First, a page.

Social Innovation Summit

Social Innovation Summit

Business Innovation Meets Social Transformation

The Social Innovation Summit is a twice annual event taking place in Washington, DC and Silicon Valley, that represents a global convening of black swans and wayward thinkers. Where most bring together luminaries to explore the next big idea, we bring together those hungry not just to talk about the next big thing, but to build it.

Let’s be clear about one thing, we are not your average conference. Those who are playing at the nexus of technology, investment, philanthropy, international development, and business come together to investigate solutions and catalyze inspired partnerships that are disrupting history. If we are obsessed with anything, it is great people. We convene the world’s most potent leaders, thinkers, and practitioners with an unwavering bias towards action and a push towards scale.

To register click here.


Global Philanthropy Forum

Entitled PEOPLE ON THE MOVE, the GPF Conference will focus on the three conditions under which migrations occur.

  • In the first instance, people are moving to cities in search of economic opportunity. In India, China and other fast-growing economies, millions are experiencing economic and social mobility for the first time and are changing their habits, hopes and ways of living. Inventive and productive, they are not staying put. Many, newly aware of the opportunities that await, are moving to cities in search of jobs.
  • Others still are in search of safety, having been forced to flee persecution, violent conflict or state failure. They need shelter, food, education and livelihoods, and assurances of both physical and human security. Many fall victim to human smugglers and prejudice. Providing for their safety and well-being is an urgent necessity. Building the conditions for their integration or return is a collective responsibility.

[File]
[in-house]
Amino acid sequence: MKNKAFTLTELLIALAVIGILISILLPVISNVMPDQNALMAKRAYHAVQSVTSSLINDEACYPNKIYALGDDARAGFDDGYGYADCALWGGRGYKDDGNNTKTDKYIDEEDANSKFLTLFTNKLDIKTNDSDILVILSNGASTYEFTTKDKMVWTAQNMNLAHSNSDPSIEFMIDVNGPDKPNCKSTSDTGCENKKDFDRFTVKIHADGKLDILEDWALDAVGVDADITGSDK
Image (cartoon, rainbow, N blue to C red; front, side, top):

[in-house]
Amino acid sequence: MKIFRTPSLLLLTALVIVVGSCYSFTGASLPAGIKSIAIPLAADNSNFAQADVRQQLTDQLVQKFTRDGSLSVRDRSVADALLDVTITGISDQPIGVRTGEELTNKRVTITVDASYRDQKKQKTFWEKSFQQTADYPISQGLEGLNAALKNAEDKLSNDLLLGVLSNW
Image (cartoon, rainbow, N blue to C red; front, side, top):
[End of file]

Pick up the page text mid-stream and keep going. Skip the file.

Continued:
• And, third, even those who stay put may be in search of meaning. Restless young men (and some women) may feel unanchored. They wonder whether their values are shared and identity is respected. Often alienated and isolated, they can be vulnerable to the appeal of extremist ideologies that offer a sense of belonging and purpose, even when that purpose is destructive.

MIT Scaling Development Ventures Conference

Join us for a day of conversation on innovative solutions to international development challenges. Hear from leading entrepreneurs and practitioners — from within and outside MIT — as well as representatives from industry, government agencies, and NGOs.

The MIT Scaling Development Ventures conference was conceived in 2012 by MIT forces committed to entrepreneurship and international development.

Original conference organizers included the D-Lab Scale-Ups program, the MIT Public Service Center's IDEAS Global Challenge, an MIT program called the International Development Initiative (no longer active), and the Media Lab Entrepreneurship Program.

The intention of the conference was to convene some of the world's most inspiring social entrepreneurs, at all stages of development, to explore strategies, models and resources that can help development ventures achieve scale for significant social impact.

Through the years, additional members of the MIT ecosystem for social entrepreneurship and innovation have taken on roles at the conference. These programs include the MIT Legatum Center, the International Development Innovation Network, the Comprehensive Initiative for Technology Evaluation, the MIT Practical Impact Alliance, MISTI, the Trust Center for MIT Entrepreneurship, MIT Innovation Initiative, and edX.

The 2016 MIT Scaling Development Ventures conference will feature more than 30 speakers and panelists. Program sessions will include a keynote and guest speaker, two curated conversations, a student demo-showcase, and 10 breakout sessions.